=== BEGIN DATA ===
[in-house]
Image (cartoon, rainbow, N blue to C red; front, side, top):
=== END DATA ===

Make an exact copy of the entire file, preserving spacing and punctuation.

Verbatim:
[in-house]
Image (cartoon, rainbow, N blue to C red; front, side, top):